For hundreds of years, only the Comanches knew of the secrets of the great plains of western Texas, but in 1836 white settlers and buffalo hunters began to encroach on their land. Quanah Parker, the son of a Comanche chief and a white woman, valiantly led the Comanches in an attempt to save their homeland.

Ride the Wind

Author: Lucia St. Clair Robson

Publisher: Ballantine Books

ISBN: 0307801284

Category: Fiction

Page: 608

View: 2601

In 1836, when she was nine years old, Cynthia Ann Parker was kidnapped by Comanche Indians. This is the story of how she grew up with them, mastered their ways, married one of their leaders, and became, in every way, a Comanche woman. It is also the story of a proud and innocent people whose lives pulsed with the very heartbeat of the land. It is the story of a way of life that is gone forever.... From the Paperback edition.

Frontier Blood

The Saga of the Parker Family

Author: Jo Ella Powell Exley

Publisher: Texas A&M University Press

ISBN: 9781603441094

Category: Biography & Autobiography

Page: 331

View: 8339

2001 Summerfield G. Roberts Award, presented by the Sons of the Republic of Texas Drawing on a wealth of contemporary accounts, including several first-person stories, Jo Ella Powell Exley follows Cynthia Ann-Parker-a descendant of Elder John Parker-last of the great Comanche war chiefs- through her life in the Indian camp and eventually her recapture by her birth family. She also tells the dramatic story of Quanah Parker through childhood, battle, surrender, and reservation life. This narrative sets straight a story that has sometimes been distorted, offering new insight of Cynthia Ann Parker's last years, providing a complex picture of the "white" years of a woman who had matured among the Comanches since the age of nine. Among the documents from which Exley draws are a short autobiography of Daniel Parker, Rachel Parker Plummer's two narratives of her Indian captivity, James Parker's account of his search for Rachel and the other captives and several autobiographical accounts Quanah dictated to his friends. First published in 2001, Frontier Blood received the Summerfield G. Roberts award and the Rupert Richardson award. JO ELLA POWELL EXLEY is a fifth-generation descendant of Texas pioneers. She is a longtime schoolteacher in the Houston area and editor of Texas Tears and Texas Sunshine: Voices of Frontier Women, also published by Texas A&M University Press. What Readers Are Saying: " . . . . only now do we have the whole fascinating story of the Parker Clan, from their westward migration on to Texas and Cynthia's Commanche captivity, to Quanah's role as the last great war chief (and eventual peacemaker) of that tribe. Along the way in this well-told narrative, we meet Sul Ross, Ranald Mackenzie, even Custer, as well as the brave buffalo hunters of Adobe Walls. " --True West "Vivid, unsparing accounts, much insight into the pioneer experience and the details of early interracial relations will make this book popular among devotees of the history of the American West." --Publisher's Weekly "This narrative provides a stunning portrayal of frontier life in Texas, the dangers of Indian-white conflict, the Comanche tradition of kidnapping young children, and the shortsighted Indian policies of the Texas Republic and the United States government. This book will interest religious historians because of the Baptist influence among the Parkers, frontier scholars because of the chronological period and geographic setting, and those who favor smooth biographies of pioneering Texans." --Journal of the West "Entertaining as well as informative, Frontier Blood brings a fresh perspective to a familiar Texas story." --Texas Parks & Wildlife " . . . . only now do we have the whole fascinating story of the Parker clan, from their westward migration to Texas and Cynthia's Comanche captivity, to Quanah's role as the last great war chief." --True West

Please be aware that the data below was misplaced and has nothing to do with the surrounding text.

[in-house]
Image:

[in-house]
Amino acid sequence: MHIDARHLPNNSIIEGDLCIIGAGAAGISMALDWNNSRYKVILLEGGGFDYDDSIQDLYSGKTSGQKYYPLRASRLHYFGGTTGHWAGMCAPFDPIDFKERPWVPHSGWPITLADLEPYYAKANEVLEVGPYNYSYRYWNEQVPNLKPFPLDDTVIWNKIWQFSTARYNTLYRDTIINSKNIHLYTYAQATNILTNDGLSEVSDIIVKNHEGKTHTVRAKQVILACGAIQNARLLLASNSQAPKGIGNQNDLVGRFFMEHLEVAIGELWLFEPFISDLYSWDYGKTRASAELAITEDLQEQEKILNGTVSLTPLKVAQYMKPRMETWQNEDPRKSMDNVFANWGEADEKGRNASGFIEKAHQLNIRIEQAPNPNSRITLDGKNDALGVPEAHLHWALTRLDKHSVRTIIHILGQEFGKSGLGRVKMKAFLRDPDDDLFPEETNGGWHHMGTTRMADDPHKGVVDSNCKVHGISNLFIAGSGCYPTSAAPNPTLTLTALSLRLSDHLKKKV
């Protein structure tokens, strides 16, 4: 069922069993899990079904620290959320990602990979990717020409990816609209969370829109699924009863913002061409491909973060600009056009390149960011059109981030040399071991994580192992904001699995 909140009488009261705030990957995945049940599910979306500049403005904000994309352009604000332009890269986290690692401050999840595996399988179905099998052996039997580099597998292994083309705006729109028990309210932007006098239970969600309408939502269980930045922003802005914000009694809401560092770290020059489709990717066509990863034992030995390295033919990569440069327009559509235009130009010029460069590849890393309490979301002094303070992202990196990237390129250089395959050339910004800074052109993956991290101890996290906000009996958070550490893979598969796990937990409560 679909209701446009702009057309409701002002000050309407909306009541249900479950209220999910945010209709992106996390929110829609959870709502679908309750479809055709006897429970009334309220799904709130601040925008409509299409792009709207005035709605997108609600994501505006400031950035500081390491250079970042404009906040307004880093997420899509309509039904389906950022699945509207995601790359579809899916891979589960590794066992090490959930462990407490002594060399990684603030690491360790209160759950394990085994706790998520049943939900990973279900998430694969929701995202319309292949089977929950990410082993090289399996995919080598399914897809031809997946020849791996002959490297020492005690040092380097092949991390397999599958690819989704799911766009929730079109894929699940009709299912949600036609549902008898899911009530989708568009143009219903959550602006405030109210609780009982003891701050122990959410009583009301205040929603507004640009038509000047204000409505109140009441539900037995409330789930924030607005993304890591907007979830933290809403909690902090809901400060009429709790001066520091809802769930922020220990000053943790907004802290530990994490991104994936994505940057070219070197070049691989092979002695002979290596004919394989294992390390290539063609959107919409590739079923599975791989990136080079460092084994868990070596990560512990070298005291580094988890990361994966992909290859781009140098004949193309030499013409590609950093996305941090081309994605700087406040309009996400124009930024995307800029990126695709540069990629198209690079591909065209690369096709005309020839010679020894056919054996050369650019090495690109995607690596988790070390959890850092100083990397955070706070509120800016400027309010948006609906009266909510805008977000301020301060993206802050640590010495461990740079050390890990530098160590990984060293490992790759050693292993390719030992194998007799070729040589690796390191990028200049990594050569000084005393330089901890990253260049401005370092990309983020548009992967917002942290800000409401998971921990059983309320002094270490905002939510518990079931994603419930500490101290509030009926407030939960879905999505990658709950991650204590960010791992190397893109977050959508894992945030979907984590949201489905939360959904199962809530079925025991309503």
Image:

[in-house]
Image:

Quanah Parker

Author: Bill Dugan

Publisher: Harper Collins

ISBN: 0062130242

Category: Fiction

Page: 320

View: 6844